The subsequent week, the second observation took place in the Biology where Florence had organised her practical session (Appendix II). I could see noticeable changes in her class organisation as we suggested for the lesson plan, and in accordance with the main targets set in the previous feedback meeting. I was surprised to see such transformation in so little time. I assumed that Florence wanted to achieve higher aims in her profession. In this context, Larrivee (2000, p. 295) stated that "the teacher must be able to create authentic learning communities and required to change and adapt their teaching styles that better align with emerging metaphors of teacher as social mediator, learning facilitator, and reflective practitioner". With reference to Appendix II, my mentee also grouped her students to work in pairs. My objective was to make Florence engaged her students in self-assessment and peering since this would bring enlightenment among the students aptitude in learning. As it is mentioned in the Assessment for Learning as suggested by English government policy (DfES, 2004), that students must be involved in peer and self-assessment which would eventually make the students themselves responsible for their own learning. Under such circumstance, the teacher's role would be very crucial as she must be able to give the students appropriate feedback on their performance and also review their work and advise them for further constructive work. Such interaction between the student and the teacher is an essential element of developing understanding and promoting learning. Subsequently, this interaction was not limited to only the teacher-student but we also focused on our relation as mentor and mentee. Initially reflecting on my approach seemed difficult because I thought that whatever criticism and feedback that I expressed was for the betterment of Florence. But how far was I right? When I discussed this matter with another mentor colleague at the school, he said that generally, every person reflects on what they do, but this reflection differs from person to person. According to Korthagen and Vasalos (2005, p.48) said that when teachers generally reflect, it is often influenced by the specific school culture, and the pressure of work often encouraged a focus on obtaining a 'quick fix' rather than shedding light on the underlying issues. This was unusual because it made me reflect if Florence was just trying to get an easy way out for short term. Larose et al, (2010, p127) argued that the role played by the types of experiences may vary significantly based on mentee tendencies, needs and motivations, and program objectives (academic, social, or professional) and also how mentors manage to engage mentees during these experiences. I understood that skills and qualities such as open communication, listening, mutual trust and being supportive should prevail between myself and my mentee.
Florence already knew that I was going to talk about class management. She admitted that she had a few difficulties with some students having problematic behaviour in her lower class of Form IV Biology. I could feel that Florence felt deterred after that class explanation (Appendix III). But instead of raising that issue of class management, I prompted her to see how she could overcome this problem by reflecting on her previous experience as a learner. Even I had been in such situation in the past but with the help of my senior teachers, I succeeded in overcoming such problems in my future classes. It was not an easy task but with a proper class preparation and experiences it was achievable. Harford et al. (2010, p57) commented that teachers were expected to work effectively with students from disadvantaged backgrounds and deal effectively with students with learning or behavioural problems. I decided to share my own experiences of dealing with problem and I expected this could inspire her to venture for a solution which was definitely the case. As a mentor, I needed to raise her moral by supporting her. We talked lengthily on that issue and she recognised that all problems encountered in class must have a solution and that she was not the only teacher that experienced this. Awaya et al. (2003, p.54) concurs that providing moral support tops the list of things that are critical to developing a strong mentor-mentee relationship. She decided to take new initiative to get rid of this problem. She proposed that as a trial she would carry out a class in the Biology laboratory and she would make the students work in group of three. Furthermore, I also iterated to her to that she needed to plan her class according to time allocation.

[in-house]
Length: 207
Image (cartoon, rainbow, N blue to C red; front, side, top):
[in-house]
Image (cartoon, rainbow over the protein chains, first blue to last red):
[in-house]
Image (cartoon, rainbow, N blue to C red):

Final Feedback Meeting
With reference to Appendix III and IV, Florence designated the seating plan for all the students and she knew that classes in the Biology Lab were always arousing curiosity among students. It is known that to many teachers if we separate the group which make most disturbance in class, this tends to create better class environment. As suggested by Ofsted ( 2005, p16) pupils with the most difficult behaviour have a positive response when classrooms are well organised and changing seating plans also helps students with the most challenging behaviour to settle quickly. Furthermore, Florence also discussed with those students who were always making noise in the class and her approach really inspired to me. When I had to deal with such situation, I had the tendency to change my approach and become very severe and I would scold the students on the spot. I realised that this was inappropriate and I learnt that I could also improve my methods to deal with such situation. In that context, I laid more emphasis on the class management as I felt, that this was a major handicap in her teacher development. However, when I discussed my mentee's story line with other mentor colleague, I received several comments pertaining to my mentoring. Many colleagues suggested that I focused mainly in one class of my mentee. Personally I felt that mentoring is a process of nurturing where I could not only focus in only one class but I should select different classes and get an exposure of different problems that my mentee could face in the future. We have to take into consideration that the mentee does not have only one class but she is subjected to students with different age group as well as different social and intellectual background. At every step, I as the mentor must provide appropriate advice and support as my mentee develop the inner confidence. I can look back now and answer honestly that my engagement as a mentor was not as effective as I would have liked in the initial period of mentoring. I was new to the role of mentor and did not fully understand the strength of mentoring. Only completing a module on mentoring, being a trainee mentor and undertaking my assignment really opened my eyes to the potential of mentoring and the role I could play. After evaluating and discussing the mentoring experience with my mentor colleagues, I found that there was room for improvement in my overall approach. As future target, I aimed at improving my mentoring and teaching skills in general and to become more reflective in my work.